Dell entered the netbook market last year with the 8.9-inch Inspiron Mini 9 and has since released a range of increasingly larger models. The Inspiron Mini 10 is its 10.1-inch netbook and strikes a great balance between mobility and usability.
The stylish black chassis is one of slimmest we've seen and weighs just 1.2kg. Its sleek dimensions make it easy to slip into hand luggage and its excellent build quality ensures resilience on the move. The glossy lid is frequently prone to scratches and smudges, however, so you'll want to invest in a protective sleeve.
The use of a 3-cell battery allows only basic travel use, and many netbooks use more powerful 6-cell batteries. In daily use, we managed to work for 190 minutes on the move, so if you require optimum mobility, you may need to look elsewhere.
More impressive is the excellent keyboard. While the Mini 9 featured a cramped user interface, the larger size of the Mini 10 allows keys which are more easily accessible. All keys have quite a sharp and hard typing action, however.
The touchpad and mouse buttons are less usable. Although the touchpad is very wide, it is also extremely thin, so it can be awkward to access. The mouse buttons are also cut from the same piece of plastic, so it is easy to accidentally click them when scrolling on the touchpad.
The stand-out feature is the vibrant 10.1- inch screen. Encased beneath a sheet of glossy plastic, colours are stunning. The black bezel contrasts nicely with the bright panel, ensuring colours leap off the screen, so photos and movies look great.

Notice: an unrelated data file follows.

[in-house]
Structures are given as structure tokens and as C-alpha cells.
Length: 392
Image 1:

Performance is less impressive. The 1.33GHz Intel Atom Z520 processor is a less powerful variant than the N270 chip used in most netbooks, and is only suitable for the most basic use. We found standard office tasks and web browsing to run smoothly, however.
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The 160GB hard drive can easily hold your work files, alongside large collections of music, photos and videos. The flash storage card reader also provides an easy way to add storage, as well as share files with digital cameras and smartphones.
Three USB ports make it easy to add peripherals, but the inclusion of an HDMI-out port is not a well thought out choice, as only HDTV owners can connect to a larger screen. An analogue VGA-out port would have been accessible to more users.
While the excellent keyboard and screen of the Dell Inspiron Mini 10 provide strong selling points, the limited mobility and poor components restrict usability. It's not that the Dell is a bad netbook – far from it – it's just that many better netbooks can be bought at this price.
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